What a week. E is a rock star at recovering from surgery. I saw her today and she looked better than I did. The doctor did find cancer, but feels confident he was able to get it all and that the chemo will kick that crap out of her for good. Keep praying!
I mean, I know there are 8 other families who think they won the Miracle of Adoption jackpot too. Want to meet them and relive all of our moments? Visit my friend Adrianne's blog for a sweet little slideshow that details the process and joy we've shared together.
Adoption really is a miracle. It is with wonder that we have watched someone who was Not Ours become every bit Ours. We've felt our family be redefined and re-imagined by the Creator of the Universe. Every time I stop to think about what has taken place over the past year, I am in awe that it is all real, that our home is filled with joy birthed in Africa.
But it is not THE miracle. Seems like a weird day to be a downer, I know. But I can't think of our process without being entirely aware of the brokenness and inadequacy of adoption. Charlie was given family while many of his crib buddies have since moved to the toddler room. From there, they'll move to the big kid room. From there, they'll age out of the orphanage, and I don't know the rest of the story.
Adoption was our answer, but it is not THE answer. The problems of at-risk children, poverty, women who lack education and choice, governments who make laws that are well-intended but can't bring about real change, these problems are complicated and huge. More answers are needed.
It is too easy for those of us who have experienced this miracle to want to make it everyone's miracle. To want to apply our answer universally to the problems of the world. And I do hope that more people will seek room in their hearts and homes for children who need it. But there have been two things that have smashed my tendency to think I have simple answers for complicated problems: living overseas and adopting.
Looking at Charlie, I will always be torn between my joy in being his mother and my heartache that he can't know his birthmom. I will always be thankful that God has cast us in Charlie's story, while recognizing that what I want most for my son is for him to have never needed us in his story. I am glad he is mine, but if I could take away the heartache that brought him to me, I would. Or maybe I wouldn't. Maybe I'd be too selfish for that. (It's a good thing I'm not God, that's for sure.)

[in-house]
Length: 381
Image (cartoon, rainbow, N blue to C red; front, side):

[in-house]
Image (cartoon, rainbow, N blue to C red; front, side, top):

Ahhhh, lots of rambling that probably doesn't make sense. (Well, it probably does to Adrianne. Like me, she likes to make things complicated.) The point is this (I think):
The world is full of crap. It's broken and things don't work, and in the process of universal break-down, kids are falling through the cracks. Hearts are breaking. Mothers are weeping and children are dying. And God redeems this crap. He does, I believe it. God has redeemed Charlie's story. But the redemption - The Miracle, The Answer - is not that we adopted Him. There is too much pain and brokenness, potential for corruption and systemic holes for this to be The Answer. It would be arrogant and short-sighted for me to believe that I am his Happy Ending. Our adoption of Charlie is a piece of the story - a taste of real redemption, a shadow of real family, a glimpse of true love.
The Happy Ending is yet to come.
But this Gotcha Day is miraculous just the same.